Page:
Patty and Brandon Boyak and another Platinum couple protesting in Las Vegas.  It would be unusual for educated professionals to go to this much trouble over buyer’s remorse.

It is common for Platinum members to have made several prior purchases. Trust ensues. If the member refuses to pay for a recent purchase, they risk walking away from all points purchased; the money spent exceeding $200,000 or more. A 180-page report summarizes 101 Platinum up-sells. The similarities are glaring.   

Alaa C complaint #1 is a 90% disabled Army veteran. He recorded the second hour of a five-hour sales presentation because C refused for an hour to return their credit card and driver’s licenses. Alaa told them that because they did not get “the letter” from Apollo they were not grandfathered in so would have to buy additional points or pay $250,000 in maintenance fees over 10 years. Member complaints frequently begin, “They said we should have received a letter.”

Alaa C complaint #3 A Y, age 79 Platinum complaint #72 out of 101

Mrs. Y’s first language is Cantonese. Her husband, age 80, is diagnosed Alzheimer’s. Typically, Diamond points sell for $4 per point. Buyers are shown a price listing points at $9 and a warning the price will appreciate in the subsequent year. Buyers are not told Diamond points are worthless on the secondary market. Mrs. Y did not know the total amount they spent to buy 80,000 points, but at $4 per points an estimated price would be around $360,000.  Platinum 52,000 points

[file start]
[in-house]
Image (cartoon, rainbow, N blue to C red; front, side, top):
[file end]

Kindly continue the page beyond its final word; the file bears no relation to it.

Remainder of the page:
October 10, 2018, Nevada

In 2018 October we attended a meeting in Las Vegas and met with sales agent Alaa C. We agreed to buy 100,000 points more but ended up buying 90,000 additional points. Alaa C said that if we purchased these points, we could use 50,000 to pay maintenance fees by redeeming points and still have 50,000 to travel. We turned it down. The manager Maher F said we don’t need 100,000 points, maybe 80,000 points.

They said we could trade in points for $15,000 every year. They said you turn in January and it would take 30 days to process. Both Alaa C and Maher F told us this. They said only Diamond has this program.

Alaa C Complaint #4  

An attorney contacted us and asked if we knew of Alaa  C as he has received a complaint against him. 

Alaa C #5 B W, age 57, Platinum complaint #86 out of 101